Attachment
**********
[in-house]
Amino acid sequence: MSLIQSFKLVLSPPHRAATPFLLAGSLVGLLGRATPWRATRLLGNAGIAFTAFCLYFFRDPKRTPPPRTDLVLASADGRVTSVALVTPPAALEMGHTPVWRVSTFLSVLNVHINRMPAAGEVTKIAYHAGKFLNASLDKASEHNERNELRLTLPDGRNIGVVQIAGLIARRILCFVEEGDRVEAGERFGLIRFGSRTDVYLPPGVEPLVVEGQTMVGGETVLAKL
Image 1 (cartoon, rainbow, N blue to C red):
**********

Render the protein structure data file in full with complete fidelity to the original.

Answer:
[in-house]
Amino acid sequence: MSLIQSFKLVLSPPHRAATPFLLAGSLVGLLGRATPWRATRLLGNAGIAFTAFCLYFFRDPKRTPPPRTDLVLASADGRVTSVALVTPPAALEMGHTPVWRVSTFLSVLNVHINRMPAAGEVTKIAYHAGKFLNASLDKASEHNERNELRLTLPDGRNIGVVQIAGLIARRILCFVEEGDRVEAGERFGLIRFGSRTDVYLPPGVEPLVVEGQTMVGGETVLAKL
Image 1 (cartoon, rainbow, N blue to C red):